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By Saul Pwanson

v1.1 (2018-03-06)

This is the first release since 1.0. The major additions and changes:

  • All external loader dependencies have been removed from the PyPI, brew, and Debian packages. This will make for much faster initial installation.

    • The json, csv, tsv, and sqlite loaders are still available with the base installation as they are supported by the Python standard library. Other loaders will need their dependencies to be installed manually. See requirements.txt for which external packages to install for each loader.
  • An experimental command menu is now available via Space. The goal is to make it easier for people to explore the available functionality, and to try commands without knowing their keybindings.

    • Use the standard VisiData movement keys (h/l/Arrows, q to back out)
    • The help strings are shown during navigation, along with the available keybindings, so this will hopefully help people learn the keybindings as they use commands, without having to break their flow to refer to the manpage.
    • Commands are organized in a hierarchy according to their longnames. This hierarchy may change in future releases, so these longnames are not yet stable enough to use for command aliases or in cmdlog replay. The actual command keys are more stable and should be preferred for the time being.
    • If you play with the menu system, please let me know what did or didn't work for you!
  • The Y command series was added to copy ("yank") to the system clipboard (with options.clipboard_copy_cmd, set to pbclip for MacOS by default) to conveniently paste data in any supported text output format.

    • Y copies the current row, zY copies the current cell, and gY copies all selected rows (or all rows).
    • This mirrors the existing y command series, which yanks to VisiData's internal clipboard.
  • - now works as a filename to specify stdin/stdout. Useful especially in batch mode to dump final sheet to stdout (-b -o -).

New supported formats:

  • markdown (md) is now supported for saving (but not loading, yet) to an org-mode compatible table format.

  • .png files can now be loaded and saved, and crudely viewed on the canvas with an overloaded .. The pixels can be edited on the source sheet like any other data.

  • .ttf and .otf (font) files can be loaded and viewed on the canvas. This is super useful for just about no one, but it was a great excuse to implement Canvas.qcurve().

These commands have been added or changed, and are expected to stay in future versions:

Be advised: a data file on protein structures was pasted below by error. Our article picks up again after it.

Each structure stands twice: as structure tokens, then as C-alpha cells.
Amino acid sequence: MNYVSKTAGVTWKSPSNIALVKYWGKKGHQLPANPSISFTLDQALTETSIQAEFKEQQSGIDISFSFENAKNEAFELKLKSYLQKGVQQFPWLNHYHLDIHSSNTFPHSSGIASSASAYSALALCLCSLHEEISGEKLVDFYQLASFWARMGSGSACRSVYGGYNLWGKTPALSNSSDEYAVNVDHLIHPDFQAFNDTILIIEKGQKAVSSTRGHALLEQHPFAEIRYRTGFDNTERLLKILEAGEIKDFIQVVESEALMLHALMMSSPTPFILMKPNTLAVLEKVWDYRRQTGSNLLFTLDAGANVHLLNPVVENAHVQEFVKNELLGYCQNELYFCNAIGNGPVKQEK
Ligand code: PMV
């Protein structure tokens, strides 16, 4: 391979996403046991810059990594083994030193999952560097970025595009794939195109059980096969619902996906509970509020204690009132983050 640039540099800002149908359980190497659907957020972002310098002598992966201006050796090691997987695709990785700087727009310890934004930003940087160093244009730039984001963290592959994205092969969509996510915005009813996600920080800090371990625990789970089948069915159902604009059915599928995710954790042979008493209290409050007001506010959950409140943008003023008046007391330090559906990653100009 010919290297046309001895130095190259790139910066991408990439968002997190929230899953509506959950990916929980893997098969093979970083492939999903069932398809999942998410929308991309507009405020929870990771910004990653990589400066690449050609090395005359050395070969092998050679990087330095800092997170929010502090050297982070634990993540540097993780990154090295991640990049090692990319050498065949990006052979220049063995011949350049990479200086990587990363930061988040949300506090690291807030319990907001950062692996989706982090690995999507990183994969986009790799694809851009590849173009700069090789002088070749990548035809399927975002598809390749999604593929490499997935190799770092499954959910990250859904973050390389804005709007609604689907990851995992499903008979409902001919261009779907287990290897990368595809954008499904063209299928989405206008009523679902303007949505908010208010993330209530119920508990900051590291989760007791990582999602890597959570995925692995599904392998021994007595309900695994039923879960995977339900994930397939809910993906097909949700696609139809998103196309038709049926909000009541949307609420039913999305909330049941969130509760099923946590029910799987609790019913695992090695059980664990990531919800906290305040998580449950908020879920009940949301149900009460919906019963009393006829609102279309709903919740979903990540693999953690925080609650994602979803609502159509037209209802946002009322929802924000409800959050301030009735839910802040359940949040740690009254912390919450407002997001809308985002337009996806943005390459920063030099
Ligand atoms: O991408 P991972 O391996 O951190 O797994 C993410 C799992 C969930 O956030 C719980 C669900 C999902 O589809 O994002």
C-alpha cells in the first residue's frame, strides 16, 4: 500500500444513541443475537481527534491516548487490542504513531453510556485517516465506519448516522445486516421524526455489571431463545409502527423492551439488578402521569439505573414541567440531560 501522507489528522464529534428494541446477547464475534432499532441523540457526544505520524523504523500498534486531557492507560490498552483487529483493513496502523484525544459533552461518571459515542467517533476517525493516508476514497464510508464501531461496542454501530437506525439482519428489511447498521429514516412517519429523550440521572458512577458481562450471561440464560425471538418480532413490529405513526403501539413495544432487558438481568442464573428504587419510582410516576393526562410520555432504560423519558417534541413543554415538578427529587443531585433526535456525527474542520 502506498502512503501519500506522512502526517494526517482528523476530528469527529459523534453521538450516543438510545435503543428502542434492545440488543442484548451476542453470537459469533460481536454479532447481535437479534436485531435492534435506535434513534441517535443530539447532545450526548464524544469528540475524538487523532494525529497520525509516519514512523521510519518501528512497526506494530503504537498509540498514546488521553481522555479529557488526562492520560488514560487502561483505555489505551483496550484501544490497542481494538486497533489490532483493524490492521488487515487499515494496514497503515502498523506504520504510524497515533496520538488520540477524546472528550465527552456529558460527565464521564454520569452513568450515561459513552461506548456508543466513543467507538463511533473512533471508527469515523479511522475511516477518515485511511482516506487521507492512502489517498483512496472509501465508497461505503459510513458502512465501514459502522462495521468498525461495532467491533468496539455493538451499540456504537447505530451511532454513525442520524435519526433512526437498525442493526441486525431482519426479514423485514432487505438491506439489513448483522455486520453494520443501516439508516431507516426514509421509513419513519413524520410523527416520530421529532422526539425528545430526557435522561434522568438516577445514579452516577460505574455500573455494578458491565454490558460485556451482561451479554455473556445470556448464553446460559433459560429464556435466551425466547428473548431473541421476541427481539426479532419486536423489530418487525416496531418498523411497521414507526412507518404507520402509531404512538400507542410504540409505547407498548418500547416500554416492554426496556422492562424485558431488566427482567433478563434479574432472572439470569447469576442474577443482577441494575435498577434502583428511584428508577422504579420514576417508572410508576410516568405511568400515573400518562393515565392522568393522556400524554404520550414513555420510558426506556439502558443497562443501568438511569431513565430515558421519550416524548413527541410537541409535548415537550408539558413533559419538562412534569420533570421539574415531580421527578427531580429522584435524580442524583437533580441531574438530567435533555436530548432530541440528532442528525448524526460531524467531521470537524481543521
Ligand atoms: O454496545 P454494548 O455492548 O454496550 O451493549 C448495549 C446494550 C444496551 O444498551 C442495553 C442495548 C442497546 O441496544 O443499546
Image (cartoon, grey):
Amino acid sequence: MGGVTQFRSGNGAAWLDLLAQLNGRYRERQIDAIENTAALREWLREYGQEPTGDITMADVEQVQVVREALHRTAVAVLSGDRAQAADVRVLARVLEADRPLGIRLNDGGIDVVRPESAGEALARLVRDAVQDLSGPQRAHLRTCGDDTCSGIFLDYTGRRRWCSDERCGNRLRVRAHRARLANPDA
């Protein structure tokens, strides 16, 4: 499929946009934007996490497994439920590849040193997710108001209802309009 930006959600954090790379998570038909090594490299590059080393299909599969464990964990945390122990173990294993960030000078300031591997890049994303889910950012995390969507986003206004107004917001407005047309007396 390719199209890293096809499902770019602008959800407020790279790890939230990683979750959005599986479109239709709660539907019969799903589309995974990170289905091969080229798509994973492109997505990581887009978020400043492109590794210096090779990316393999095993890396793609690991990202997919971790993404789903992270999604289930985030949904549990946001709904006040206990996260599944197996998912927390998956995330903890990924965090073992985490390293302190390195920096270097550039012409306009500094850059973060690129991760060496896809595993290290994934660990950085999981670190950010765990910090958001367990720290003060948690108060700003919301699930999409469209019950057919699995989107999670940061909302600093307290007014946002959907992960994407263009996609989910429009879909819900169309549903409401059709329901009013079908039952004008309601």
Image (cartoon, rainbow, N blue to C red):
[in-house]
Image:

• The za command adds an empty, editable column to any sheet. gza adds N new columns.

  • The ( and ) commands will expand/collapse list/dict columns (e.g. in nested json).

  • In the canvas, d deletes points from source sheet that are contained within the cursor. gd deletes all points shown on the screen.

  • The !@#$%-_ special actions on the Columns Sheet and Describe Sheet have been removed. They were sometimes convenient, but more often made it difficult to interact with the Columns Sheet itself.

    • The g forms of these commands are still available and will operate on the source columns (with the exception of g_, which now works consistently on all sheets as expected).
  • The Shift+Arrows are aliased to HJKL (though these may not work in all environments).

These additions are more experimental and may not stay in future versions:

  • The Backspace command drops the current sheet (like q), and also scrubs its history from the cmdlog.

  • ENTER is now aliased to modify-edit-cell by default.

Other minor changes:

  • search and select with no input now uses the most recent input. n/N do this already for row search (as before), but the new behavior works more like standard vim/less/etc tools, and also applies to non-row search (like c).

  • Many sheets (pivot, describe, melt, and many loaders) have improvements and bugfixes to make them even better.

Finally, some other news:

  • VisiData has been accepted into Debian for the next release! It is currently available if you've added the unstable repo; install with apt install visidata.

  • Jeremy Singer-Vine has put together a great tutorial for people who want a smoother path to start using VisiData.

Thanks to everyone who contributed to this release! As always, feedback and suggestions are welcome and appreciated.

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